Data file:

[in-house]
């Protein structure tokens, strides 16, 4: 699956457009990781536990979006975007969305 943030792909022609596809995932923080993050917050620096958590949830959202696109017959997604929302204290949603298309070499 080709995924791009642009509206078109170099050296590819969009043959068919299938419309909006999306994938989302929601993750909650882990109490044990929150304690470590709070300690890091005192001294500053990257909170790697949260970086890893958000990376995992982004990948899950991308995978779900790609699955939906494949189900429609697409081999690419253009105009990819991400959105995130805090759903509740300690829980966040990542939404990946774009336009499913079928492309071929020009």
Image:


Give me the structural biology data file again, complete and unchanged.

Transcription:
[in-house]
């Protein structure tokens, strides 16, 4: 699956457009990781536990979006975007969305 943030792909022609596809995932923080993050917050620096958590949830959202696109017959997604929302204290949603298309070499 080709995924791009642009509206078109170099050296590819969009043959068919299938419309909006999306994938989302929601993750909650882990109490044990929150304690470590709070300690890091005192001294500053990257909170790697949260970086890893958000990376995992982004990948899950991308995978779900790609699955939906494949189900429609697409081999690419253009105009990819991400959105995130805090759903509740300690829980966040990542939404990946774009336009499913079928492309071929020009």
Image: